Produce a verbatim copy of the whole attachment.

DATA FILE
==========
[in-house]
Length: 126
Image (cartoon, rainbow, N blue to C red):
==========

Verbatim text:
[in-house]
Length: 126
Image (cartoon, rainbow, N blue to C red):